A Fundamental Flaw In Inventory Optimisation For Fashion
Inventory optimisation for fashion is a top priority for leaders now. The inventory if not managed well, can break any fashion business.
In this edit, we look at a fundamental metric for assessing the performance of products. The inconsistencies in measuring True DemandTM and how it impacts all inventory optimisation actions.
“human beings have a strong dramatic instinct toward binary thinking, a basic urge to divide things into two distinct groups, with nothing but an empty gap in between. We love to dichotomise. Good versus bad. Heroes versus villains. My country versus the rest. Dividing the world into two distinct sides is simple and intuitive, and also dramatic because it implies conflict, and we do it without thinking, all the time.”― Hans Rosling, Factfulness: Ten Reasons We’re Wrong About the World – and Why Things Are Better Than You Think
Current Practice For Measuring Product Demand
We are at a critical juncture. Many fashion brands and retailers globally are facing challenges of managing their full price sell-throughs, reducing inventory pile up, and managing markdowns. Apart from the business metrics of revenue and profits, as an industry, we are responsible for minimising the carbon footprint in the world by doing more with less.
In other words, understanding true demand is key to learn and improve. Continuous improvements call for learning from the past apart from using technology to predict the future. When you ask the question “Can you show me your top sellers?” to anyone in the industry, which metric do you think they would use for coming up with the leader board?
1. Net Sales Value
2. Net Sales Quantity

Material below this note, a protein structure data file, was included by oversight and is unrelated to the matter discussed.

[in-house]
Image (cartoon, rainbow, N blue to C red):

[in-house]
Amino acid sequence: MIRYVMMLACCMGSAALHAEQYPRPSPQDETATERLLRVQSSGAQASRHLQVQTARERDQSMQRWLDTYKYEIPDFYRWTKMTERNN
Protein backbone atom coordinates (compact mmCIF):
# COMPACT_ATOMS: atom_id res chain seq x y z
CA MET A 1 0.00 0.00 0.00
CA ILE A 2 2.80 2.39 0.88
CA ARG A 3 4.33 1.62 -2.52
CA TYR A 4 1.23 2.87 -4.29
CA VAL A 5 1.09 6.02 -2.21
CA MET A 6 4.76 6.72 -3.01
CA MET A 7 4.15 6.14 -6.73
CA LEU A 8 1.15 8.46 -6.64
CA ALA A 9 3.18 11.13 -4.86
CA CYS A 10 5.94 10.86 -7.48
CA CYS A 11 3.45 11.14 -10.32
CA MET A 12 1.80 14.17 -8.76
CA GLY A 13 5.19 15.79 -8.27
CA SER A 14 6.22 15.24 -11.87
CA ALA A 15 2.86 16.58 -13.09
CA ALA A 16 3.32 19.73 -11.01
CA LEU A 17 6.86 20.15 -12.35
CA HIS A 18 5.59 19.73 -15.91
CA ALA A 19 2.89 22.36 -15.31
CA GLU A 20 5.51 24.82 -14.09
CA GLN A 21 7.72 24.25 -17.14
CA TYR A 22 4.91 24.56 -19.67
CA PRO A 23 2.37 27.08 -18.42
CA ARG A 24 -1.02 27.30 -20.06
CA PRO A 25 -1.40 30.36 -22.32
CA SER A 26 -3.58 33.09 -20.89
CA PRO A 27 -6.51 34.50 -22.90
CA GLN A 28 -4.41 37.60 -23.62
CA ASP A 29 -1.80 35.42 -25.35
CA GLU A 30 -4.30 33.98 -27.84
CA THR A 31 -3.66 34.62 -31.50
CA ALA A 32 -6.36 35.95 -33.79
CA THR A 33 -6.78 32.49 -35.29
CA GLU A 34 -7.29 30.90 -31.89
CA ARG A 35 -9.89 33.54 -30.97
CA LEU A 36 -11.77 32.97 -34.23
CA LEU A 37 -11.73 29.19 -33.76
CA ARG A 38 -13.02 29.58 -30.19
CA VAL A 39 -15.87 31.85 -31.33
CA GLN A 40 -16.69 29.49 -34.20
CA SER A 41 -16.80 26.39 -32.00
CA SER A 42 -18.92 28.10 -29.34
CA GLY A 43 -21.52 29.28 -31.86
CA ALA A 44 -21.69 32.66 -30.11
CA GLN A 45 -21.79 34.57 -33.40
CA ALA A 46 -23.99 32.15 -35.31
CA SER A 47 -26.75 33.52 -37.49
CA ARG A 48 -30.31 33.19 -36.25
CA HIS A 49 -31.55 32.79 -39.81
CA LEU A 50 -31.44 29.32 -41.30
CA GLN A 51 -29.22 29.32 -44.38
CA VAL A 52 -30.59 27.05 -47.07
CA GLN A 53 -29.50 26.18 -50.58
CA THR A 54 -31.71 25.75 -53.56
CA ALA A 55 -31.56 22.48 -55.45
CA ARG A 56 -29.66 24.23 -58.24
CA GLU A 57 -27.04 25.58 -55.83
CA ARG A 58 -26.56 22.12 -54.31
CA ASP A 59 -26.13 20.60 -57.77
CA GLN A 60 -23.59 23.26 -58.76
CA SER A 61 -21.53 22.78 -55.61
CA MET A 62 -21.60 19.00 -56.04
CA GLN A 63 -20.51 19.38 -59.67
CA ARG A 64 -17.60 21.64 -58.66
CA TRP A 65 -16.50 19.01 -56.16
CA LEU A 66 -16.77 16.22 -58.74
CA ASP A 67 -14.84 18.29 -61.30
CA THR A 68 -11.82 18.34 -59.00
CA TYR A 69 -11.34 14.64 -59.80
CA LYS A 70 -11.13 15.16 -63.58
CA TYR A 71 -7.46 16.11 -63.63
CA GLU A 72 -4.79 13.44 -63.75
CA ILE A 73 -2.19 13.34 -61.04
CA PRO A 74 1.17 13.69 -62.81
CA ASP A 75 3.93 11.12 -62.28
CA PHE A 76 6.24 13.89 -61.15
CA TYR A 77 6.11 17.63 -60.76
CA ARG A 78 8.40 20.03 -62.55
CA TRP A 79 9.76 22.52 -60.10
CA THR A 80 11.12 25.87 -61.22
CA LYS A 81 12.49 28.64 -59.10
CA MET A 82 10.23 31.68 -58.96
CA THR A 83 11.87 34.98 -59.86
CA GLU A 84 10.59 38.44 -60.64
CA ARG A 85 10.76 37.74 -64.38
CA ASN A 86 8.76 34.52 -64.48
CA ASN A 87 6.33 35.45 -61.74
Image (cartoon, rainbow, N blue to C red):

3. Rate of Sale/week Value
4. Rate of sale/week quantity
5. First “n” weeks rate of sales
Which one of them do you use to measure demand? You can share your metric here. This is crucial in inventory optimisation for the fashion business.
In our view, as shared in our previous edit “How to move your business with Metrics?” a good metric is one that is comparable, understandable, and relative. Hence the rate of sale is the right metric to understand how products perform. It connotes the velocity of demand. While knowing that is important, and many do, what is critical is how the metric is computed makes a lot of difference.
After studying various patterns of sales, here are our observations on how what we see can be misleading.
Computing Sales Velocity
The rate of sale is the demand per unit time at the point of sale. For example, it is the rate of sale per product per store per week. If that is the case, how would you calculate the overall rate of sale of a product at the country level? You would calculate the rate of sale of each product at the store level and sum it up across the country level. Is it not simple?
Is this accurate enough? There is a catch here. The real demand for a product is reflected in sales when the product is in-stock. How does this impact the calculation?
Going back to the method, in order to calculate the real rate of sale, you need to consider every product-store level sale on days when there was a stock of that product. This means you need to have sales and stock information at the product-store level on a daily basis. The product launch date in each store can be different. This means it is a calculation at each store independent of other stores.